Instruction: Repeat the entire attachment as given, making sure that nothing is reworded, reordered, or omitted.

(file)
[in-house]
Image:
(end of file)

[in-house]
Image: